He shook his head slowly and a lazy smile curved his lips. Lucy felt like clinging onto something.

‘No, that’s all for now.’ He turned to go back to his office, but just when Lucy was about to let out a sigh of relief he turned back. With his forearm resting high on the doorjamb, drawing her eye to his long and hard muscled body, he said, ‘Don’t forget we have that engagement tonight. Be ready to leave at six-thirty. I’ll get dressed in my office; you can use the dressing room.’

He disappeared into his own office then, shutting the door behind him, and Lucy all but sagged onto the floor in a heap. She had forgotten all about the function they were to attend that night. She cursed herself as she sank down heavily into her chair. What was wrong with her? Forgetting the function, not realising she would have to go to Athens…Her brain was turning to mush. And in this job that was not a luxury she could afford.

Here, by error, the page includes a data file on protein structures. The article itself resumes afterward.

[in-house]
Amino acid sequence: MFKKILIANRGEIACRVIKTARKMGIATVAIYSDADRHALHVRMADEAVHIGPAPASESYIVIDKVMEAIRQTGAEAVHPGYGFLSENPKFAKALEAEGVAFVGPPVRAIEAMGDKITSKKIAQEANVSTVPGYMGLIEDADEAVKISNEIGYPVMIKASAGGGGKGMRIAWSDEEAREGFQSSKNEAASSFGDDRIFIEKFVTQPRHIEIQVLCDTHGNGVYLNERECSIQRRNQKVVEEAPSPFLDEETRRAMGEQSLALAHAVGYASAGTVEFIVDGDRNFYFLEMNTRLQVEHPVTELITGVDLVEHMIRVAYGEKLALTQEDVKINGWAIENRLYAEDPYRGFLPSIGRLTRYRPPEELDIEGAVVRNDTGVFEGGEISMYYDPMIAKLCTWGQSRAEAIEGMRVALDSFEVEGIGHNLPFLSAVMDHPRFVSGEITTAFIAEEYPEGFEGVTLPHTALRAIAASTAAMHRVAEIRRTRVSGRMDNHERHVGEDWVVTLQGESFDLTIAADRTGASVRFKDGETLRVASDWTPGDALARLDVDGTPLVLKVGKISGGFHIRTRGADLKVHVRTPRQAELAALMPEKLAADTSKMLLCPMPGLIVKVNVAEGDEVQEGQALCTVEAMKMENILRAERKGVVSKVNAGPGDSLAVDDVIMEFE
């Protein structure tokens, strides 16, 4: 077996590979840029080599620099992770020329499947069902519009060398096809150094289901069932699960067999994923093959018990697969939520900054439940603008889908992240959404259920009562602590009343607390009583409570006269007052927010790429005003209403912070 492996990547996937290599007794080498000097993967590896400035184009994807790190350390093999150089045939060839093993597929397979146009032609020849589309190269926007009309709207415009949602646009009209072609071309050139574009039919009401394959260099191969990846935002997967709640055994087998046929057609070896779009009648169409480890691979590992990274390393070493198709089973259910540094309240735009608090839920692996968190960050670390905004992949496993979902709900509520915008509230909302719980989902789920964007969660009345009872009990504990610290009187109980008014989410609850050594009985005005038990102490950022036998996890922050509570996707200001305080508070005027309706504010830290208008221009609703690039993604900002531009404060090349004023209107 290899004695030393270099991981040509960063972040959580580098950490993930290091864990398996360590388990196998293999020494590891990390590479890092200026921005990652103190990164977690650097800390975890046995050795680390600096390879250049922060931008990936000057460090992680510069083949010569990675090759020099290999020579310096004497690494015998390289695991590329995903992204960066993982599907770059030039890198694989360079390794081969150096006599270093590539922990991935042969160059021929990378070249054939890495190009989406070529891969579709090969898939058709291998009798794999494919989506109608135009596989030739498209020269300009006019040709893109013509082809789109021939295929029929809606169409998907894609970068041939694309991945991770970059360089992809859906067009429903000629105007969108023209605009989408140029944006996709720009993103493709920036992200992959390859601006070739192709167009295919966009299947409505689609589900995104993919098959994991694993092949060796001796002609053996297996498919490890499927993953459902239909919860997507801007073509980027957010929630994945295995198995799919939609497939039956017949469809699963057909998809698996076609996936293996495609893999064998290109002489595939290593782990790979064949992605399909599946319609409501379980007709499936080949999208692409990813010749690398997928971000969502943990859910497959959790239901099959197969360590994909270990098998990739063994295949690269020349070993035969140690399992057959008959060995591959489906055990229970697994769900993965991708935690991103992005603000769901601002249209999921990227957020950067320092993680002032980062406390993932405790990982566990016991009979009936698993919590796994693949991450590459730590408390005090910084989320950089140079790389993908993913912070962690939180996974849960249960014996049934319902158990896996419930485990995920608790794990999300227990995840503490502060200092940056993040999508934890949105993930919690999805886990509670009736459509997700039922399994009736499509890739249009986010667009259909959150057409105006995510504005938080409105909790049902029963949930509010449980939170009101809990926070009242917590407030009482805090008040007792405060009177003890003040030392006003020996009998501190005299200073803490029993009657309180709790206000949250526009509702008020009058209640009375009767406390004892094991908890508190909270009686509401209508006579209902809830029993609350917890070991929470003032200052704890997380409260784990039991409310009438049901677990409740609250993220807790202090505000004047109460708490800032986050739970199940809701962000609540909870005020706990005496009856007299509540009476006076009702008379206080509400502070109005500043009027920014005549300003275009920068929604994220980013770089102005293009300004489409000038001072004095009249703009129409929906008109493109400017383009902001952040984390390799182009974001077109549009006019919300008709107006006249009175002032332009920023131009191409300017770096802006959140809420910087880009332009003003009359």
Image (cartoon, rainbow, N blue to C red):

How could she have forgotten that terse conversation just days ago, when he’d said to her with a grimace on his face, ‘You’re going to have to come to the Black and White Ball with me.’

Lucy’s belly had clenched. She’d expected that she might have to accompany her boss to some functions, but with Aristotle’s extremely healthy social life she hadn’t considered it would become a reality so soon. And did he have to look so reluctant at the prospect?

She’d ignored the ridiculous feeling of hurt and asked hopefully, ‘But surely there must be someone else…’ anyone else ‘…you could call?’

After all, as she’d restrained herself from pointing out, last-minute dates were not something he shied away from. He’d had more than a few since the Honourable Augustine Archer and then the even more Honourable Mirabella Ashton, each one well-documented in the press that gloried in his playboy exploits. And yet the morning after each date he’d appeared taciturn and as irritable as she’d ever seen him.